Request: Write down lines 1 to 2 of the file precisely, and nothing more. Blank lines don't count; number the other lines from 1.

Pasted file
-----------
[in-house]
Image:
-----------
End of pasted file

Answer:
[in-house]
Image: